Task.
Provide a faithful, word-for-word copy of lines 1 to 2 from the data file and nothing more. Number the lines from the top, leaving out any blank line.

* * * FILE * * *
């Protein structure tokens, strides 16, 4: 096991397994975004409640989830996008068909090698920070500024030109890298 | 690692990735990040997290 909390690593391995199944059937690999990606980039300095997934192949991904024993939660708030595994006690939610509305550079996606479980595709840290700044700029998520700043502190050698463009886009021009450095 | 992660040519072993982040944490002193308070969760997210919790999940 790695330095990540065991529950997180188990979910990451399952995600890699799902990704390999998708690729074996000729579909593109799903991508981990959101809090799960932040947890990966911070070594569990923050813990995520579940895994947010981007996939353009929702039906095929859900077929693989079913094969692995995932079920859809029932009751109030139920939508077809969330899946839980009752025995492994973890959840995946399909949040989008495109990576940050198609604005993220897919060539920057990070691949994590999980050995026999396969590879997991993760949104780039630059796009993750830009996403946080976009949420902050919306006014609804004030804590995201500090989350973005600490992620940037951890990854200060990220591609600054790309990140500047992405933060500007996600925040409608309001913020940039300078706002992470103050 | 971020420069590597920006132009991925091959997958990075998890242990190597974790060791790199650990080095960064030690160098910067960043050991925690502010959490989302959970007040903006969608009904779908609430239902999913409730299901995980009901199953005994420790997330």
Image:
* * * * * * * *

């Protein structure tokens, strides 16, 4: 096991397994975004409640989830996008068909090698920070500024030109890298 | 690692990735990040997290 909390690593391995199944059937690999990606980039300095997934192949991904024993939660708030595994006690939610509305550079996606479980595709840290700044700029998520700043502190050698463009886009021009450095 | 992660040519072993982040944490002193308070969760997210919790999940 790695330095990540065991529950997180188990979910990451399952995600890699799902990704390999998708690729074996000729579909593109799903991508981990959101809090799960932040947890990966911070070594569990923050813990995520579940895994947010981007996939353009929702039906095929859900077929693989079913094969692995995932079920859809029932009751109030139920939508077809969330899946839980009752025995492994973890959840995946399909949040989008495109990576940050198609604005993220897919060539920057990070691949994590999980050995026999396969590879997991993760949104780039630059796009993750830009996403946080976009949420902050919306006014609804004030804590995201500090989350973005600490992620940037951890990854200060990220591609600054790309990140500047992405933060500007996600925040409608309001913020940039300078706002992470103050 | 971020420069590597920006132009991925091959997958990075998890242990190597974790060791790199650990080095960064030690160098910067960043050991925690502010959490989302959970007040903006969608009904779908609430239902999913409730299901995980009901199953005994420790997330």
Image: